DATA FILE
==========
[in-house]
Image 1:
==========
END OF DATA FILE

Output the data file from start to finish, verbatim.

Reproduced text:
[in-house]
Image 1: